“We don’t eat people, we’re vegetarians!”

Travel Tales — By on June 18, 2011 at 10:17 am
Blue Mosque in Istanbul

A view of the Blue Mosque from across some nearby rooftops.

Many hotels in the Sultanahmet district of Istanbul, even the inexpensive hostels, have roof terraces that provide jaw-dropping views of one of the world’s most beautiful skylines. On our first morning in the city we ate breakfast on one of these terraces, under an explosion of sunshine. We looked out over the Blue Mosque and the Aya Sofia, which shone against the backdrop of an azure sky, giving the appearance that we were looking at a canvas and the buildings had been painted there. In the distance, the Sea of Marmara glittered diamonds in the morning light and blew a faint salt-water breeze in our direction.

After fortifying ourselves with bread, yogurt and coffee, Lisa and I set off to explore Istanbul. We walked down Divan Yolu, a busy boulevard that slices through the historic heart of the city, passed the ancient Hippodrome where chariot races were once held and found our way to the 1500-year-old Aya Sofia. We were dismayed to discover a long line to get inside the building, but soon struck up an amiable conversation with a local man, Selim.

“Where you from?” he inquired.

“America.”

“Ahhh, beautiful country. What state?”

“Massachusetts. Near Boston.”

“Boston. Boston Celtics!” he exclaimed.

“Yes, uh, you know the Celtics?”

“I love NBA basketball. I first like Celtics when Larry Bird play there. I still follow them.”

“Wow. Well, nice to meet you, Selim.”

“You know,” he said, “there long line here at Aya Sofia. Line not so long at Blue Mosque. And mosque close early for prayers. It better to go to mosque first, then come to Aya Sofia later. It very nearby. If you like, I can show you entrance.”

We were slightly suspicious, but we had seen so many other examples of Turks being helpful merely out of kindness that we accepted his offer. Soon, though, we began to have doubts over our haste when we realized Selim wasn’t going to let us out of his sight. Even when we were obviously within sight of the mosque entrance, he was firm about staying with us the entire way.

“Don’t worry, I don’t go inside with you,” he replied, walking alongside us. “I just take you there.”

Then we arrived at the mosque entrance and he insisted on making sure we got inside. It seemed as if there had to be a catch, but we couldn’t figure out what it might be. We were in the middle of crowds of tourists, he wasn’t carrying anything to sell and he had walked us straight to the mosque. But, still, he wouldn’t let go of us.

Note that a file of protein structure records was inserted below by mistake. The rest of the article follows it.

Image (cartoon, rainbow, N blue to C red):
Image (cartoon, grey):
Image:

“It’s very nice of you,” I said, “but, really, we can figure it out.”

“Mosque very big. I just make sure you find right entrance,” he said. “You go inside on your own. Don’t worry.”

He showed us to the entrance, where there was indeed a much shorter line than at the Aya Sofia. So far, so good. He pointed out a box of scarves for women to put over their heads before entering and to the place where we were to remove our shoes.

“You go inside now,” he said. “Take as long as you want. I will wait for you. When you come out, you come to my store, just one block away. Very nice souvenirs.”

Aha. There was a catch, but Selim was very smooth about making sure the ploy wouldn’t become apparent until the very last moment. Not only did the mosque not close early, we now realized, but the tourist entrance was at one end of the building and the exit was at the other end. He knew that he was leaving us at the only place we could enter the mosque and would be waiting for us at the only place we could exit.

That is how we were introduced to one of the spectacles of international travel and to the business of touts, who are ubiquitous not just in Istanbul but on the streets of most major cities in the non-Western world. They usually want nothing more than to make a bit of money, but they can still be pesky antagonists. Like most travelers, we were never completely successful in avoiding them, but we soon became more aware of their tactics. Although it was frustrating to be taken in by this ruse on our first day in Istanbul, we at least had to give Selim credit for creativity.

It’s easy enough, after all, to steer clear of people who are pushing their wares on the street and whom we could walk away from, but it’s much harder to avoid those individuals who disguise their goal by being helpful in some way. It is also especially difficult to shun anyone who exhibits humor or personality. In fact, it was just a few days later in Istanbul that we heard one of the funniest lines ever from a man who was trying to entice us into his store. We initially walked past him, pretending not to hear his plea. But then we couldn’t help but laugh.

“Don’t run away,” he shouted. “We don’t eat people, we’re vegetarians!”

 

Photo credit: Cem Topcu via Wikimedia Commons.

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